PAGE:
Sunday - Dec 17, 2017

The Gold Rush


The Gold Rush

More than a century and a half ago, California was nothing but a backwater town, but an incident took place that transformed California to what it is today – the discovery of gold. Gold fever enveloped the region and many came to California with dreams of becoming rich! It was in January of 1848 when James Marshall who was working at Captain John Sutter’s mill that was located about 40 miles away from Sutter’s fort observed a glint of yellow radiating in the water. Having a hunch it was gold he picked it up and brought it to Sutter who then verified it as gold. Four months later in the month of May, a businessperson who went by the name of Sam Brannan showed his gold to the people of in San Francisco and mentioned the origins, like a raging wind on a forest fire rumours started to spread. People from different ‘walks of life’, became overnight prospectors who were in search of gold around Sutter’s Fort. The gold rush had begun and waves of people in the thousands started arriving to the region from hundreds if not thousands of miles away. Although the data cannot be precise, but logical estimations were made and based on these estimations barely a year had passed when an inflow of nearly 100,000 people who came to California looking for gold nuggets. Some of these exoduses begin from as far away as Europe and China. These early prospectors came in crowded vessels or vats that were ill equipped, many perished in these voyages due to dysentery, illness or drowning. Even the crews abandoned their ships to join the gold rush leaving their ships behind anchored at port, more than 500 sea vessels were ‘abandoned’ to the whims and fancies of anyone that came by these ghost ships. Most of these prospectors eventually ended up with nothing as the gold was quickly ‘staked and claimed’ by the first few thousands who arrived. As the inbound exodus got larger, the gold practically vanished along with the dreams of thousand who were dreaming to make it rich.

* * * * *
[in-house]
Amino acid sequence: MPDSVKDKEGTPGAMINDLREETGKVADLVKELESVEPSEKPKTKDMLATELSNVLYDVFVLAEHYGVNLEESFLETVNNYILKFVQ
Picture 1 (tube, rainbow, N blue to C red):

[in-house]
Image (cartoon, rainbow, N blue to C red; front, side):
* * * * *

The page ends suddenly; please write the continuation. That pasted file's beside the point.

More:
The incoming prospectors however, did give rise for other areas of trade in the then barren Californian region. These trades included shops, schools, hospitals, railways, blacksmiths, tailors, bars, salons and other infrastructures that were ‘required’ by the ever-growing midnight population that were primarily made up of individuals who would eventually sell gold or trade gold. The main item of trade in California then was off course gold. Gold trading ‘has not been left behind’ in this information age more than a hundred and fifty years later! The gold trade will never lose its shine. Until today, those who wish to dabble with the gold trade are able to do so with the multiple reputable websites that offer gold trading services for a small fee.

Those who own gold and want to trade or sell gold jewellery or bullions could do it online and with ease. Websites such as Cash for Old Gold based in Australia (http://www.cashforoldgold.net.au/) are fine examples of successful and reliable gold traders. The gold rush of yesteryears are different now, people have resorted to looking for scrap gold or other forms of gold dealing – gold is still a very profitable business avenue – just as it has been for thousands of years.